Posts Tagged ‘Volume 35 No. 5’

Coronavirus disrupts organized religion, raising issues of religious freedom and responsibility

The fast-moving nature of the coronavirus pandemic defies easy forecasts about how religious institutions and even patterns of religious beliefs and practices may change from this crisis. But the disruptive nature of the virus on congregational life as well as the more long- term implications for religious freedom stand out as recurring themes.

Prophetic LDS subculture face divisions over leadership scandal

The prophetic subculture within the Church of Jesus Christ of Latter Day Saints is experiencing new strains and divisions over the alleged crimes scandal involving teachers Chad and Lori Daybell, according to the e-newsletter Sightings (February 27, 2020).

Women gain entry into the Jewish bris ritual marketplace

Along with women gaining more leadership positions in synagogues and Jewish education, they are also assuming new ritual roles, most recently that of the “mohel,” those who perform circumcisions, according to the New York Times (March 1, 2020).


Contrary to their reputation as proselytizers, evangelicals tend to de-emphasize their religious beliefs, new research indicates that evangelicals actually downplay religious expression when working with religiously diverse and secular groups. In a study of multifaith initiatives in Boston, Atlanta, Los Angeles and Portland, Oregon published…

Liturgical, bodily Christianity draws young Brits

Greater numbers of young people are being drawn to Anglo-Catholic and other liturgical churches, according to the Catholic Herald (February 7, 2020). British media have reported that young people are “flocking” to these liturgical parishes of the Church of England, such as St. Bartholomew the Great, in the City of London.

Russia’s spiritual turn becomes official, with broad approval

While the Russian Federation continues to define itself as a secular state, it has come a long way from the earlier atheist Soviet system, with forthcoming amendments to the Constitution expected to include a reference to God. While there are indeed a number of Western states who keep the reference to God in their respective constitutions, it is less frequent to see a contemporary state adding it when it was not already present.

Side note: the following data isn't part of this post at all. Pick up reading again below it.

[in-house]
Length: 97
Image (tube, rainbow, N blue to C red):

Russian Protestants move to the fringes of traditional denominational life

Russian Protestants are increasingly experiencing “atomization and decentralization,” closing the curtain on an early Soviet era, where the million member Union of Evangelical Christians and Baptists (UECB) was unifying force of Protestantism, writes William Yoder in the online journal Occasional Papers on Religion in Eastern Europe (March). The change can be seen in the state of the Russian Baptist Union, once the mother church of the UECB, now reduced to no more than 70,000 members, with many members and congregations on its fringes holding conflicting teachings and practices.

Religious dissidence challenges Iran’s Islamic Republic

In the Journal of Democracy (Spring, 2020), Ladan Boroumand chronicles the significant religious and social transformations taking place in Iran, something that the coronavirus pandemic may intensify. Last year the Islamic Republic celebrated the 40th anniversary of the Islamic revolution but by last December, there were demonstrations filling the streets of the Tehran against the clerical government and Islamist ideology ruling the country.

Findings & Footnotes

As the journal Religion (January 2020) turns fifty, it has seized the opportunity to welcome several articles dealing with “futures.” The issue mixes prospective observations about the future of the study of religion and its various subfields along with more general views on the future shape of religion in the contemporary world.